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Public spending and optimal taxes without commitment

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  • Andrés Velasco
  • Jess Benhabib
  • Aldo Rustichini

Abstract

We consider a representative agent, infinite-horizon economy where production requires private and public capital. The supply of public capital is financed through distortionary taxation. The optimal (second best) tax policy of a benevolent government is time inconsistent. We therefore introduce explicitly the constraint that at no point in time the revision of the original tax plan is desirable. We completely characterize the (third best) tax plan that satisfies this constraint, and estimate the difference in tax rate between the second and third best policy for a wide range of parameters. For some of these the difference between the second and third best tax rates is large, and so are the associated rates of economic growth.

Suggested Citation

  • Andrés Velasco & Jess Benhabib & Aldo Rustichini, 2001. "Public spending and optimal taxes without commitment," Review of Economic Design, Springer;Society for Economic Design, vol. 6(3), pages 371-396.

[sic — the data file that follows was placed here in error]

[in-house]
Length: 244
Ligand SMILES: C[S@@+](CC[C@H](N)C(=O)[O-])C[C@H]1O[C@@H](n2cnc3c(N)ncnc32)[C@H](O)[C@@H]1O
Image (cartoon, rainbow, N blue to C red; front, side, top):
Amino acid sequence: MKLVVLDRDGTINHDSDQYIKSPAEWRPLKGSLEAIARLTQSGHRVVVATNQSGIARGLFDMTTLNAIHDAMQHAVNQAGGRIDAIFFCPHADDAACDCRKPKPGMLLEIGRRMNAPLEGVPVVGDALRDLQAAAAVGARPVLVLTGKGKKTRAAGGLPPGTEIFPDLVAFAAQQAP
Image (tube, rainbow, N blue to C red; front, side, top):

• Handle: RePEc:spr:reecde:v:6:y:2001:i:3:p:371-396
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    Cited by:

    1. Albert Marcet & Ramon Marimon, 1994. "Recursive contracts," Economics Working Papers 337, Department of Economics and Business, Universitat Pompeu Fabra, revised Oct 1998.
    2. George-Marios Angeletos, 2000. "Fiscal Policy and the Maturity Structure with Non-Contingent Debt," Econometric Society World Congress 2000 Contributed Papers 0802, Econometric Society.
    3. George Economides & Jim Malley & Apostolis Philippopoulos & Ulrich Woitek, 2003. "Electoral Uncertainty, Fiscal Policies and Growth: Theory and Evidence from Germany, the UK and the US," Working Papers 2003_16, Business School - Economics, University of Glasgow.
    4. Acemoglu, Daron, 2005. "Politics and economics in weak and strong states," Journal of Monetary Economics, Elsevier, vol. 52(7), pages 1199-1226, October.

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